Lebanese Elections 2018

Lebanon’s Election Ritual Repeats

Despite the topsy-turvy machinations of Lebanon’s elections May 6, the country’s voters awaited a more decisive verdict two days later from U.S. President Donald Trump. The Lebanese had no say in Trump’s election, but his decision to abrogate the 2015 Joint Comprehensive Plan of Action with Iran may seal their fate. In a confusing poll with a low turnout, voters gave a whopping number of seats to Iran’s Lebanese surrogate, Hezbollah, and its affiliated parties. To Iran, Saudi Arabia, Israel and the United States, Lebanon is little more than a venue for larger rivalries.

Lebanon, for all the headlines its troubles have earned it since 1975, is a small country without oil or mineral deposits. The weakness of small states often means that their elections don’t matter until people vote the wrong way and someone steps in, as President Woodrow Wilson did when invading Mexico in 1914 to “teach them to elect good men.” The Palestinians of Gaza learned the same lesson when they and Palestinians in the West Bank voted for Hamas on Jan. 25, 2006. The United States was so enraged that it backed a putsch by Hamas’ rival, Fatah, in Gaza in 2007 and, when that failed, supported Israel’s intensified blockade and several invasions of the territory beginning with Operation Cast Lead in 2008.

Continue reading →
Charles Glass on RT

Strikes on Syria as Yemen atrocities ignored: Journalists discuss the West’s double standards

Airstrikes by the US, France, and the UK over an alleged chemical attack in Syria were a case of “execution before the trial,” author Charles Glass told RT’s Going Underground, citing their refusal to wait for an OPCW probe.

“The British, the French and the Americans have all been involved by proxy, they’ve all been involved in supplying weapons to the opposition groups in Syria, most of whom are Jihadis. They’ve been involved in training them in southeast Turkey and Jordan and in facilitating their passage in and out of Syria. This is indisputable.”

Continue reading →

The Missile Attack and the War in Syria

Because the use by the Syrian Government of President Bashar al-Assad of chemical weapons is among the ugliest aspects of the ongoing Syrian civil war, there may be a tendency to think about them as two parts of the same package.

But for a variety of reasons, the American Government of President Donald Trump is doing its best to keep them separate.

The American-British-French air strikes against 3 targets in Syria have eloquently demonstrated how important it is to those 3 countries to the US, the UK and France to stand against a tyrant’s use of banned chemical weapons to kill dozens of his own civilians. Not very.

It also shows how much it cares about the wider war, except, perhaps, as it involves trying to wipe out the forces of the Islamic State. Even less.

Continue reading →
Druze sheikhs (Al Aqal) with white lap and black dress

Syria’s Druze Maintain a Difficult Neutrality

The most rebellious community in Syria’s modern history is a people called the Druze, most of whom live in a region called the Druze Mountain, Jabal al-Druze, about 70 miles south of Damascus. Members of this syncretic, semi-Shiite Muslim sect battled the country’s successive overlords, notably the Ottoman Turks in World War I and the French mandate authorities in the 1920s and ’30s. Syrian independence in 1946 did not dampen their enthusiasm for revolt, as they rose against nationalist regimes that they felt threatened their traditional ways of living. Yet when the biggest rebellion in the country’s history broke out in March 2011, the Druze stayed out.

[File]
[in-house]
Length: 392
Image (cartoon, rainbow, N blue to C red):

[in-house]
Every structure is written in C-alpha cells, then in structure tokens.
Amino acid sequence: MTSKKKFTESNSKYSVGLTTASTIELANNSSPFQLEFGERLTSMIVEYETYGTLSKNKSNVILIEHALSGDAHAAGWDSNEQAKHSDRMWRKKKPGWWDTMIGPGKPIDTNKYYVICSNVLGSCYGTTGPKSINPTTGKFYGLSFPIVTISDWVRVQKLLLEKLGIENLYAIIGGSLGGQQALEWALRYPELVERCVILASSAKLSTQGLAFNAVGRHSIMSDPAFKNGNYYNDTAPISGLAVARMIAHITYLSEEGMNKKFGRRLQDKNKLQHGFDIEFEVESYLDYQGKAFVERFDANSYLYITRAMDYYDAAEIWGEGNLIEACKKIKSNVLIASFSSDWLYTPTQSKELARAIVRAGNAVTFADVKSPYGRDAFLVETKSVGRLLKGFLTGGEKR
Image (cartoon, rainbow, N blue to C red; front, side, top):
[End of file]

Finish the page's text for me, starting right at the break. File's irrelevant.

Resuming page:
The traditional leader of Lebanon’s Druze, Walid Jumblatt, called on his Syrian brethren to “join the Syrian rebels who are marking in blood heroic battles against oppression on a daily basis.” Jumblatt explained to me in 2012, “The Druze don’t live in an Alawite sea. They live in a Sunni sea.” In Jumblatt’s view, Druze survival depended on joining the majority Sunni population in opposition to rule by Alawites, another minority with roots in Shiite Islam. Although some Druze took part in peaceful demonstrations for reform in 2011, they did not turn to violence. Hassan al-Atrash, a biology teacher and former communist, said, “As far as people were concerned, this was not meant to be a war. They made legal demands for their rights.” They thus ignored Jumblatt’s call to join the rebels, but they did not join the Syrian army either.

Continue reading →
Ghouta under fire, February 2018

The Result of a Loyalist Victory in Syria’s Eastern Ghouta? More Violence

The jihadist revolution is dying in the eastern suburbs of the Syrian capital, Damascus. Syrian government forces, supported by aerial bombardment and heavy artillery barrages, have split the opposition-held territory of eastern Ghouta into two bastions and are eating away at both. The farmlands on which civilians and fighters in the besieged zones depended for food have fallen to the Syrian army and its related militias. Threatened with starvation and braving the government onslaught, some residents have defied army bombardment and rebel ire with public protests calling on the insurgents to leave. They claim that is the only way to end the hunger, privation, casualties, shelling and chaotic jihadist governance they have endured for years.

The major jihadist groups remaining in eastern Ghouta are Hayat Tahrir al-Sham (the Levant Liberation Committee, an insurgent coalition that includes the group formerly known as Jabhat al-Nusra), Jaish al-Islam (Army of Islam) and Faylaq al-Rahman (Legion of Mercy). An aid worker who has dealt with them says many rebels want to depart under security guarantees similar to those that permitted the evacuation of Homs and eastern Aleppo. “Jaish al-Islam wants to go to Daraa,” the worker says. “Faylaq wants to go to north Aleppo (province).” Other jihadists, however, are choosing to stay and fight at whatever cost to the area’s civilians. Russian-sponsored discussions on “reconciliation,” the government’s term for rebel surrender, continue against the background of the loyalists’ offensive and the insurgents’ mortar shelling of central Damascus.

Continue reading →
Ruins at Zamalka, Ghouta, Syria, 22nd Feb 2018

Think the War in Syria Is Winding Down? Think Again.